If you want to know how much worse our economic recovery could be, check out Scott Walker’s austerity-rocked Wisconsin — which has gone from 11th in job creation to 44th in just two years.
Walker stormed into office in 2011 on the crest of a Tea Party wave and immediately added $117.2 million to the budget deficit with a series of tax cuts that did nothing to spur job creation. He “paid” for these cuts in part with an attack on public workers that he failed to mention in his campaign that he was going to pursue.
The governor and his Republican majorities cut workers’ salaries by about eight percent across the board, eliminated collective-bargaining rights and essentially tied any future wage increases to the rate of inflation.
The growing budget deficit Walker inherited was mostly the result of the financial crisis. Investors enabled by conservative politicians had collaborated to create the worst economic crash since the last time investors and conservative politicians had crashed the economy.
But who was Walker going to make pay for this downturn? Teachers — and other state and local workers — because they still had decent jobs, unlike the millions who lost their livelihoods thanks to Wall Street.
Where did Walker get the idea to go after workers? It was a well-concealed fact in the run-up to the 2010 election — as Republicans were still trying to pretend their goal was to “protect” Medicare — that the Tea Party was a sleeper cell for some of the nation’s most powerful anti-tax, pro-corporate billionaires who had been trying to trigger a “non-partisan” populist movement for decades to destroy the one thing standing in the way of completely privatizing the American government — unions.
Walker saw himself as a new Ronald Reagan — who had led the assault on public workers when he fired all of America’s air traffic controllers during his first year in office. We know this because Walker made the comparison himself when he was crank-called by someone posing as billionaire David Koch.
The state erupted, triggering recalls, including one of Walker himself. Walker won — thanks to voters rejecting the idea of a recall and Walker’s right-wing allies outspending Democrats and labor by an 8-1 margin.
So Wisconsin still has Scott Walker and Wisconsin has fallen to 44th in job creation.
Why? Let’s ask the governor.
“The first year we had a lot of protests in the state,” Walker said recently. “We had two years’, almost, worth of recalls. A lot of employers here I think can relate to the fact (that) uncertainty is one of the biggest challenges for employers big or small or anywhere in between. There was a lot of uncertainty. The good news is that’s passed.”
It couldn’t be Walker’s policies — it has to be the way people reacted to his deception and assault on workers.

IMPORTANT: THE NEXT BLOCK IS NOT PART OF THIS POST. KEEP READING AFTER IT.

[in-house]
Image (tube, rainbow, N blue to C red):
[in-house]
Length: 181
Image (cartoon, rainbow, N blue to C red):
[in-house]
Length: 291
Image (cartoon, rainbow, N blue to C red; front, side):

Of course, people have other opinions.
“The only question is, ‘Why are we doing so poorly?'” said Jack Norman, former research director of the liberal Institute for Wisconsin’s Future. “The plunge in job growth, compared with other states, coincides exactly with Scott Walker’s time in office. This is no mere coincidence. . . . Act 10 led to large cuts in public workers’ take-home pay, which was a blow to the state’s economy.”
One thing Scott Walker clearly promised to do in his campaign was create 250,000 jobs. So far he’s created between 44,600 and 60,000, depending on which report you believe.
So now that no more recalls are planned Walker and there isn’t any more “uncertainty,” certainly things will get better. To make sure of this, Walker is proposing a tax cut that — of course — would disportionately help out the rich:
Despite his failure to live up to his promise of creating jobs, Walker is still a hero in conservative circles.
He received some of the loudest applause at CPAC, and the right sees him as such an important national figure (and potential Republican 2016 nominee for president) that he’s weighing in on national issues. For example, he thinks same-sex marriage should be left to the states — because they’re so much better at discrimination.
How could such an epic failure of a governor, literally ranked 44th out of 50 in the criterion that matters most to voters, be considered a hero? It’s simple. In every way that matters to the major donors of the Republican Party, he’s a champ.
He took on the unions, cut worker pay and proposed a tax cut that mostly helps the rich.
Heck, in 2012 the GOP nominated a guy who was 47th in job creation as governor — a guy who cared so much about destroying unions that he said “Let Detroit Go Bankrupt,” just to try to make that happen a little faster.
Obviously, for the billionaires behind the Republican Party, attacking the unions and blaming them for the problems conservative economics have created is more important than anything — maybe even winning elections.
AP Photo/Seth Perlman